States or local governmental entities are not allowed to suspend, terminate or take any adverse action against a public employee in retaliation for reporting a violation of a law by the employing governmental entity or another employee to the relevant law enforcement authority. Tex. Gov’t Code Ann. § 554.002.

Workers’ Compensation

No person is allowed to discharge or in any way discriminate against an employee in retaliation for:

  • Filing a workers’ compensation claim.
  • Hiring a lawyer to represent him or her in a claim.
  • Testifying or intending to testify in a proceeding under this statute.
  • Instituting or causing the institution of a proceeding under this statute.

Tex. Lab. Code Ann. § 451.001.

Whistleblower Retaliation Claims in Texas

Unless stated otherwise by a statute, retaliation claims should be filed in the appropriate court within 2 years of the retaliatory action.

Discrimination

Complaints under this statute should be filed with the Texas Workforce Commission, Civil Rights Division within 180 days of the retaliatory action.

Occupational Health and Safety

Lawsuits under this statute should be filed within 90 days of the retaliatory action.

Workers’ Compensation

Lawsuits under this statute should be filed within 2 years of the retaliatory action.

Hospitals

Lawsuits under this statute should be filed within 180 days of the retaliatory action.

Intermediate Care Facilities for the Mentally Retarded

Lawsuits under this statute should be filed within 90 days of the retaliatory action or within 90 days of notifying the Texas Workforce Commission of the retaliation.

Whistleblower Hotlines in Texas

To file a complaint with the Texas Workforce Commission, call 800-628-5115.

Whistleblower Retaliation and Violation Penalties in Texas

Unless stated otherwise by a statute, employers who carry out unlawful retaliation against an individual may be liable to the aggrieved individual for:

  • Reinstatement to the previous job position.
  • Lost wages.
  • Reinstatement of lost fringe benefits or seniority rights.
  • Reasonable attorney’s fees.
  • Actual damages.
  • Plus any other appropriate relief.

Child Abuse

Employers who violate this statute may be liable to the aggrieved employee for:

  • Actual damages.
  • Exemplary damages.
  • Litigation costs, including reasonable attorney’s fees.
  • Reinstatement of fringe benefits and seniority rights.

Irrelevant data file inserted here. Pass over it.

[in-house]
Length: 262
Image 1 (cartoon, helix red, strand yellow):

• Lost wages.
  • Reinstatement to the previous job position.

Discrimination

Employers who violate this statute may be liable to the aggrieved employee for:

  • Injunctive relief.
  • Hiring, promotion, or reinstatement with or without back pay.
  • Admission or restoration to union membership or any other appropriate program.
  • Court costs.

In the case of willful violations, the court may award compensatory damages and punitive damages.

General Public Evacuation

Employers who violate this statute may be liable to the aggrieved employee for:

  • Lost wages and benefits.
  • Reinstatement to previous or equivalent job position with commensurate pay.

Hospitals

Employers who violate this statute may be liable to the aggrieved employee for:

  • Actual damages, including damages for mental anguish.
  • Exemplary damages and reasonable attorney fees.
  • Reinstatement to the previous job position.
  • Lost wages.
  • Reinstatement of lost fringe benefits or seniority rights.

Intermediate Care Facilities for the Mentally Retarded

Employers who violate this statute may be liable to the aggrieved employee for:

  • Actual damages, including damages for mental anguish or $1000, whichever is greater.
  • Exemplary damages and reasonable attorney fees.
  • Reinstatement to the previous job position.
  • Lost wages.
  • Reinstatement of lost fringe benefits or seniority rights.
  • Reasonable attorney’s fees.

Medicaid

Employers who violate this statute may be liable to the aggrieved employee for:

  • Reinstatement to the previous job position.
  • Two times the amount of back pay.
  • Interest on back pay.
  • Compensation for special damages.
  • Litigation costs, including reasonable attorney’s fees.

Occupational Health and Safety

Employers who violate this statute may be liable to the aggrieved employee for:

  • Reinstatement to the previous job position.
  • Lost wages.
  • Reinstatement of lost fringe benefits or seniority rights.

Public Employees

Employers who violate this statute may be liable to the aggrieved employee for:

  • Injunctive relief.
  • Actual damages.
  • Court costs.
  • Reasonable attorney fees.
  • Reinstatement to the employee’s former position or an equivalent position.
  • Compensation for wages lost during the period of suspension or termination.
  • Reinstatement of fringe benefits and seniority rights.

Compensatory damages awarded under this statute may not exceed:

  • $50,000, if the employer has fewer than 101 employees in each of 20 or more calendar weeks in the calendar year in which the suit is filed or in the preceding year.
  • $100,000, if the employer has more than 100 and fewer than 201 employees in each of 20 or more calendar weeks in the calendar year in which the suit is filed or in the preceding year.
  • $200,000, if the employer has more than 200 and fewer than 501 employees in each of 20 or more calendar weeks in the calendar year in which the suit is filed or in the preceding year.
  • $250,000, if the employer has more than 500 employees in each of 20 or more calendar weeks in the calendar year in which the suit is filed or in the preceding year.

Local Government Code

Employers who violate this statute may be liable to the aggrieved employee for:

  • Reinstatement to the previous job position.
  • Payment of back pay.
  • Reasonable attorney’s fees.
  • Plus any other appropriate relief.

More Texas Laws